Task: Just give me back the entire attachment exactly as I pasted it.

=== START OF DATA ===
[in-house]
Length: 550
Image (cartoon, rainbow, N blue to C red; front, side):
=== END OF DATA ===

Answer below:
[in-house]
Length: 550
Image (cartoon, rainbow, N blue to C red; front, side):